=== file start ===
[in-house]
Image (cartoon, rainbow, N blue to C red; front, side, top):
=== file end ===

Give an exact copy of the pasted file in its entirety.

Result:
[in-house]
Image (cartoon, rainbow, N blue to C red; front, side, top):